ST. JOHNS COUNTY, Fla. -- St. Johns County commissioners approved spending money Tuesday on a study to help figure out the best solutions for erosion at three county beaches.
The state considers South Ponte Vedra Beach, Vilano Beach and Summer Haven as "critically eroded" beaches.
Farayln Jaquith lives on Vilano Beach. She and her husband built their house there 40 years ago.
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Over the years, she has seen erosion take place.
"It's been gradual," Jaquith said. "I know a lot of people who've came here back in the 80's or 90's and said, 'Wow! You've lost a lot of beach.' I think because I'm here all the time, you don't notice a lot."
St. Johns County Assistant Engineer Andrew Ames says the Army Corps of Engineers is in the middle of a $3 million, three year feasibility study to look at solutions for stopping or slowing erosion on the three beaches.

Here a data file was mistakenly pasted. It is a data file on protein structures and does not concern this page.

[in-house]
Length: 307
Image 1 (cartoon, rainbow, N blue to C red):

He said it's long and costly because "that gives you the best understanding of costs" for the project.
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Ames explained the study looks at a list of options, such adding material near the shore to cushion the wave action, or even adding sand to the beaches, similar to what's being done with the re-nourishment project at St. Augustine Beach.
"Not all beaches are the same. Not all influences are the same," Ames noted.
However, Jaquith and many other beach residents believe the dredging of sand near the St. Augustine Inlet for the St. Augustine Beach re-nourishment is actually causing erosion on nearby Vilano and South Ponte Vedra.
"I believe when they take the sand out there, somehow our sand fills that void in the ocean floor.
"It would take a tremendous amount of sand to be dredged from the ebb shoal to have any amount of erosion," Ames noted.
Still, Jaquith would like to see any future dredging happen somewhere else. She hopes that's the easy and cheaper solution for erosion on her stretch of beach.
"I'm not an expert," she admitted, "but it's what I think after watching everything happen."
Before work on the projects starts, the feasibility study has to be completed. There's no clear date for that because it's based on federal, state, and local funding.
Ames said the county pledged $350,000 Tuesday for the study this year.
First Coast News